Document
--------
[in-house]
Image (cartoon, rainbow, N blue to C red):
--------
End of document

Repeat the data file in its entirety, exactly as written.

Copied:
[in-house]
Image (cartoon, rainbow, N blue to C red):